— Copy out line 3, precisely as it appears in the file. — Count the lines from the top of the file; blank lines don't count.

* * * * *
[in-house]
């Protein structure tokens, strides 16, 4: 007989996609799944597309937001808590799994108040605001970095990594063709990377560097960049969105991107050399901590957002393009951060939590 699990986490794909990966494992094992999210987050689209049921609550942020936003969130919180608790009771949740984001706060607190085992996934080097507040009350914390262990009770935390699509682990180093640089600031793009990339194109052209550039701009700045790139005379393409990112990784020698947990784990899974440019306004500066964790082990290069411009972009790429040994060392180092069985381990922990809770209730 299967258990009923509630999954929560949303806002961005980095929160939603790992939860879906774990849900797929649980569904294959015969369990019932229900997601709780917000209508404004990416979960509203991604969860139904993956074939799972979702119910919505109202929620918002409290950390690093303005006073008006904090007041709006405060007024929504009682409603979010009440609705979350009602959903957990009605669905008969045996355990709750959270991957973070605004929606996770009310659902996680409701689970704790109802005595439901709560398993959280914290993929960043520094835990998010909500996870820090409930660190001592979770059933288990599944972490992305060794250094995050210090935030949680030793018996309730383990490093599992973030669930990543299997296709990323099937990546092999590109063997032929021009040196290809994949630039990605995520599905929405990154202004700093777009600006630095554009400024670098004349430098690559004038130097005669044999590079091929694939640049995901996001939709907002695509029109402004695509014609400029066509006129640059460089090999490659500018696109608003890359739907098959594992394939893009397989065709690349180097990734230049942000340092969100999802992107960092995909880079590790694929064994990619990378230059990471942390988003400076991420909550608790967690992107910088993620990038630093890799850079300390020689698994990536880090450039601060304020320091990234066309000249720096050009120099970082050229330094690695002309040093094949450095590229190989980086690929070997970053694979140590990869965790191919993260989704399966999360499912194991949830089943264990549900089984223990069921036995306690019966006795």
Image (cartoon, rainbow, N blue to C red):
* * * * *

Image (cartoon, rainbow, N blue to C red):